NRI has prepared a report on the workshop it organized on 24 May 2006 during the 95th Session of the International Coffee Council. The Workshop, hosted by the International Coffee Organization (ICO) in London and funded by the Common Fund for Commodities (CFC), addressed "The Potential for Diversification in Coffee Exporting Countries." The Workshop was part of the second phase of the ICO/CFC international project "Worldwide Comparative Analysis of Coffee-Growing Areas" for which NRI is the project executing agency. This phase of the project aims to identify the conditions for successful diversification, and to produce a tool (DECCA - Diversification of Enterprises in Coffee Countries and Areas) that can be used by policy makers to enable the design and implementation of operationally feasible programmes that: accelerate the process of diversification; remove constraints; and significantly improve the livelihoods of poor people.
The Workshop was attended by representatives of ICO, CFC, UNCTAD and the Coffee Board of India, together with many representatives of coffee producing and consuming countries, including NGOs and private sector organizations. Presentations were made by NRI economists (Dr Peter Greenhalgh, Dr Anne Talontire, Mr Ulrich Kleih, Dr Junior Davis), the CFC project manager (Mr Caleb Dengu) and project partners from India (Dr Y Raghuramulu), Malawi (Mr France Gondwe), Uganda (Mr Apollo Kamugisha) and Zimbabwe (Mr Julius Mathende). After hearing an overview of the ICO/CFC project and a summary of its main findings and recommendations, projects partners gace summaries of the seven country case-studies from Honduras, India, Malawi, Nicaragua, Tanzania, Uganda and Zimbabwe. The general discussion touched on many aspects of diversification, including: intercropping, especially in relation to shade coffee production; alternative cropping (such as reforestation) in areas where coffee production is only economically viable when world coffee prices are high; the drivers of diversification in subsistence systems where coffee farmers have little interaction with markets; and global issues such as the growth in world demand for coffee, the diversity of coffee producers, and international negotiations on carbon credit issues relating to coffee production.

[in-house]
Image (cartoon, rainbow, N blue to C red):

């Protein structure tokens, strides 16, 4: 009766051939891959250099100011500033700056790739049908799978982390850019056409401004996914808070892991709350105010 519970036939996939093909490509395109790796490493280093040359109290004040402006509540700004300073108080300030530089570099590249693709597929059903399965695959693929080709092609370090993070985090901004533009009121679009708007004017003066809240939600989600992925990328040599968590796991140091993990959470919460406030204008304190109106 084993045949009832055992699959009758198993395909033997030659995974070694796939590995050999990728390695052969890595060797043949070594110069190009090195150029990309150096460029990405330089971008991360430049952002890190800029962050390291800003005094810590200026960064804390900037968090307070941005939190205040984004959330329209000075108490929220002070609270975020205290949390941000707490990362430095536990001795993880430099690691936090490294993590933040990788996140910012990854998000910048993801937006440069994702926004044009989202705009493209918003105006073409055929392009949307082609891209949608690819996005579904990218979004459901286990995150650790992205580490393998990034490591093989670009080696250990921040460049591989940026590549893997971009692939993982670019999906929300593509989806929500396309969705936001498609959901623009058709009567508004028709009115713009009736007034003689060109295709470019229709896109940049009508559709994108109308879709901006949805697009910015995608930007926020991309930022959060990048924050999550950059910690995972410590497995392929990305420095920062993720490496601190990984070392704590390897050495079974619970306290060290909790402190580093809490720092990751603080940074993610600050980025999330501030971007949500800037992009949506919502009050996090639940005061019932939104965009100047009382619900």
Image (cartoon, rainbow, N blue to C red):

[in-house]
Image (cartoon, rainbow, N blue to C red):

An overview of the Workshop was presented to the International Coffee Council by Dr Peter Greenhalgh on the following day, and NRI's written report of the Workshop will be included in the Council's main report of its 95th Session meeting. The final report of the ICO/CFC diversification project will be available shortly on the NRI website. Key proposals from the Workshop and subsequent feedback have been incorporated into its recommendations and its final chapter on "The Way Forward".
For more information about the project and the Workshop, contact the Adrienne Martin.